My Review
This is, of course, a really weird and uncomfortable episode, and probably the best thing about it is Jonathan Frakes sliding backwards into a trench full of printer’s ink thickened with Metamucil.

I do remember being sincerely scared by Armus when I was a kid.

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DS9 Episode 1.16: If Wishes Were Horses

In which, Rumpelstiltskin.

Memory Alpha says: Station residents suddenly find their imaginations are manifested in physical form; a spatial rift threatens to destroy the Bajoran system. (Please click the Memory Alpha link for detailed information.)

My Review
Do you see how spooky this is? The last TNG episode I reviewed was ‘When the Bough Breaks,’ in which children are stolen. The next thing in my arbitrarily self-imposed order is ‘If Wishes Were Horses,’ in which O’Brien is afraid of his little girl being stolen. Whillikers.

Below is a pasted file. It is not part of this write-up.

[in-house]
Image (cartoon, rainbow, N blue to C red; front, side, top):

This is one hell of a goofy episode. It could have been worse, of course, because instead of Rumpelstiltskin O’Brien was originally going to see a leprechaun, until Colm Meaney pointed out that that was a lazy Irish stereotype and not fecking funny. Would the leprechaun have been trying to steal Molly, or promising him gold, or blethering unintelligibly about marshmallow cereal? I know it’s a lazy stereotype in and of itself, but what can you say about a nation that puts marshmallows into breakfast cereal?

On with the show. I am looking forward to the point where these episodes really feel like they merit full summaries. I’m definitely going to do that for ‘Duet’ and ‘In the Hands of the Prophets’ but I don’t think anything else in season one of DS9 will rate it.